What is a hierarchy system? How does a hierarchy work and why are they important?
A hierarchy system one where sub-systems are configured under a larger system. A hierarchy can be simple or complex.
Read more about the concept of a hierarchy system.
Defining the Hierarchy System
In a hierarchy system, subsystems are grouped under a larger system. So how does a hierarchy work?
There are many nested layers in the hierarchy of our world. Let’s take you as an example:
- The individual cells that make up your body are highly complex systems in their own right.
- Together, the cells work together as organs, forming the larger system of the human organism.
- You work as part of a larger system of multiple people, such as a family, a company, and your local community.
- These systems of people form larger systems such as cities, states, and nations. And, altogether, these form a worldwide human system.
As systems self-organize and increase their complexity, they tend to generate hierarchies naturally. For example:
- A single business founder has too much work, so she hires support staff and oversees them.
- A single cell developed into multicellular organisms, with each cell having specialized roles within the organism.
Why a Hierarchy System?
The next question is: how does a hierarchy work? In an efficient hierarchy, the subsystems work well more or less independently, while serving the needs of the larger system. The larger system’s role is to coordinate between the subsystems and help the subsystems perform better.
The arrangement of a complex system into a hierarchy system improves efficiency. Each subsystem can take care of itself internally, without needing heavy coordination with other subsystems or the larger system.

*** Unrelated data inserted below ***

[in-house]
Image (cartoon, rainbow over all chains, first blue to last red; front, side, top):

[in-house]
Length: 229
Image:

This arrangement reduces the information that the subsystem needs to operate, preventing information overload. It also reduces delays and minimizes the need for coordination.
- Your pancreas senses blood glucose and secretes insulin, without needing to ask your legs or your brain whether it’s ok.
- (Shortform note: In a market economy, people can sell and produce goods on the marketplace, largely without needing to coordinate with other subsystems or authorities. Imagine if, before selling your goods in a yard sale, you needed to contact the central government for permission, contact another bureaucracy for pricing, then contact other households who were also planning yard sales.)
Problems from Ignoring Hierarchy
In a hierarchy system, both the subsystems and the larger system have their role. If either deviates from the role, the system’s performance suffers.
The subsystems work to support the needs of the larger system. If the subsystem optimizes for itself and neglects the larger system, the whole system can fail. For example:
- Individual football players are subsystems within the larger system of the overall team. If a single football player cares more about individual glory and not the victory of the team, he may run plays in a way that causes the team to lose.
- A single cell in a body can turn cancerous, optimizing for its own growth at the expense of the larger human system.
On the other side, the larger system’s role is to help the subsystems work better, and to coordinate work between them. In other words, the larger system is a supporter and an air traffic controller. It should not exercise more control than this, but it often does:
- A company’s workforce may see its management as oppressive and getting in the way of the real work being done.
- A nation with too autocratic a ruler may direct exactly how subsystems should behave and limit self-organization.
A good hierarchy system has balance. There is enough central control to coordinate the subsystems to a larger goal, but not so much control that it suppresses the subsystem’s performance or self-organization.
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- How the world, from bathtub faucets to fish populations, can be seen as simple systems
- The key system traps that hold back progress, such as escalating arms races and policy addiction
- Why seeing the world as systems can give you superpowers in work and life